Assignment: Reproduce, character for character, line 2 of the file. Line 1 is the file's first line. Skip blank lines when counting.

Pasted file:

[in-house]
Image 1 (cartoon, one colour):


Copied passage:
Image 1 (cartoon, one colour):